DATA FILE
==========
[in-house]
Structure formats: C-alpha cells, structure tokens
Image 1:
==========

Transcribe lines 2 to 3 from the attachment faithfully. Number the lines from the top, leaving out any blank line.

Structure formats: C-alpha cells, structure tokens
Image 1: